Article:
Serum levels of pepsinogen and gastrin can be used as biomarkers for gastric mucosa.
In this study, researchers from Europe sought to validate these biomarkers (pepsinogen A (PGA), pepsinogen C (PGC), PGA/PGC ratio, and gastrin) as screening tests for precancerous lesions. Either for atrophic chronic gastritis (ACG) or Helicobacter pylori-related corpus-predominant or multifocal atrophy.
The team assessed a subset of 284 patients, taken from 451 included in the Eurohepygast cohort, between 1995 and 1997.
They measured concentrations of PGA, PGC, and gastrin using radioimmunoassays.
|Mean of each biomarker:|
- PGA = 77.4 mug l-1
- PGC = 13.2 mug l-1
- PGA/PGC = 6.7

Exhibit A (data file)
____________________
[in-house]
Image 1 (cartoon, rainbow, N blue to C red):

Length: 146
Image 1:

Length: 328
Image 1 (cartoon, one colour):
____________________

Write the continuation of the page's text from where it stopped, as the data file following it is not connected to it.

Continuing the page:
- gastrin = 62.4 ng l-1
|British Journal of Cancer|
The researchers considered histological diagnosis as the gold standard.
They calculated cut-off points using receiving operator characteristics (ROC) curves.
Factors linked to variation of biomarkers were identified using multivariate linear regression.
The mean of each biomarker in the sample was PGA = 77.4 mug l-1, PGC = 13.2 mug l-1, PGA/PGC = 6.7, and gastrin = 62.4 ng l-1.
The researchers found that for ACG patients, the areas under the PGA, PGC, PGA/PGC, and gastrin ROC curves were 0.55, 0.62, 0.73, and 0.58, respectively.
They determined that the best cut-off point for PGA/PGC was 5.6, with sensitivity 65% and specificity 78%.
For H. pylori-related corpus-predominant or multifocal atrophy, the areas under the respective ROC curves were 0.57, 0.67, 0.84, and 0.69.
The best cut-off point for PGA/PGC was 4.7, with sensitivity 77% and specificity 87%.
Dr Broutet's team concluded, "The results suggested that only the PGA/PGC ratio can be considered as a biomarker for precancerous lesions of the stomach, and may be useful as a screening test".